April 28, 2022
Reigelsberger Appointed To FDIC Community Banking Committee
Kim Reigelsberger, president of Preferred Bank in Rothville, has been appointed by the Federal Deposit Insurance Corporation to serve on the FDIC’s Advisory Committee on Community Banking. She is among 19 community bankers from throughout the United States serving on the committee.
“It is an honor to serve on the advisory committee to represent community banks across Missouri and our nation,” Reigelsberger said.
Reigelsberger and her fellow committee members provide the FDIC with advice and guidance on a broad range of important policy issues affecting small community banks throughout the country, as well as the local communities they serve, with a focus on rural areas.
Since 2013, Reigelsberger has served as president of Preferred Bank, where she has spent her entire banking career. She joined the bank, then known as the Bank of Rothville, as a loan officer in 1982. Throughout her 40 years with the bank, Reigelsberger has served as executive vice president, chief financial officer, compliance officer and bank secrecy officer.
Reigelsberger currently serves as chairman of the Missouri Bankers Association Bankers Benefit Corporation and previously served on MBA’s Board of Directors. She also serves on the board for the Missouri Independent Bankers Association.
Active in her community, Reigelsberger volunteers with the Brookfield Rotary Club and served as a board member for the Chariton County Community & Economic Development Corp. A graduate of the Graduate School of Banking at Colorado, she also completed MBA’s School of Lending and School of Banking.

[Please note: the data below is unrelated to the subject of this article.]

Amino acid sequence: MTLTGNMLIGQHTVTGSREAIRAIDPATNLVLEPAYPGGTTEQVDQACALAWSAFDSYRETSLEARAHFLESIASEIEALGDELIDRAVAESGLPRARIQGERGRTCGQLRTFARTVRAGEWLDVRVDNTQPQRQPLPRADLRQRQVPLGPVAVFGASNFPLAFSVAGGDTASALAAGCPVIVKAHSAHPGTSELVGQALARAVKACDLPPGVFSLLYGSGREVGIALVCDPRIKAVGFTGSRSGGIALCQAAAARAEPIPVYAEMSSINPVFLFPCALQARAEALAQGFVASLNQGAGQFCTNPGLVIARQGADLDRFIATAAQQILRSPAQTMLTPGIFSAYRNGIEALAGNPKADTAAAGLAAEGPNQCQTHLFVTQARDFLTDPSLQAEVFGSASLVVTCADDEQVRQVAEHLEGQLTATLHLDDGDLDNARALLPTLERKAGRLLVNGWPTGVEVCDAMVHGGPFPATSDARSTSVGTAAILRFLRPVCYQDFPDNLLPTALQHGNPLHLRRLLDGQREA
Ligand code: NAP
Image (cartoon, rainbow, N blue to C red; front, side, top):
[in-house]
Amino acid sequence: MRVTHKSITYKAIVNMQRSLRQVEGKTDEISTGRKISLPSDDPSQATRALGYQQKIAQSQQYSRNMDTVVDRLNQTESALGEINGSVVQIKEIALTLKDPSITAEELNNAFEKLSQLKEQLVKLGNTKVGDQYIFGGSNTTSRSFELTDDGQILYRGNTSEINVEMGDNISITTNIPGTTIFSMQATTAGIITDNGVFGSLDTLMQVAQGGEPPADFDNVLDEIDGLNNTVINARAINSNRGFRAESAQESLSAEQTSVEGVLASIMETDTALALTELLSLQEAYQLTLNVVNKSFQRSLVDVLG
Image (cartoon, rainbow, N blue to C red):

Chopra Resists Requests To Define ‘Junk Fees’ With Specificity
Under pressure from Republican lawmakers during a House Financial Services Committee hearing Wednesday to define what he meant by “junk fees” — a term coined by the bureau as part of a media campaign — Consumer Financial Protection Bureau Director Rohit Chopra would not offer any formal definition. Asked by Rep. Andy Barr, R-Ky., if he could offer “any legal or statutory authority that defines ‘junk fees,’” Chopra replied: “No. Junk fees are something that everyone experiences at so many parts of their financial life.”
Elsewhere during the hearing, he said it refers to “a fee for a service that you didn’t ask for and didn’t necessarily want … or a fee that doesn’t feel like it’s subjected to the competitive process.” Chopra offered as examples “pay to pay” fees, where consumers are required to pay a fee in order to complete a payment transaction or “payoff statement fees” where consumers are charged a fee in order to receive the payoff amount on an amortizing loan.